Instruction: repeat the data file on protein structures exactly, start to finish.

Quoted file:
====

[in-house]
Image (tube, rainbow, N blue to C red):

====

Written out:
[in-house]
Image (tube, rainbow, N blue to C red):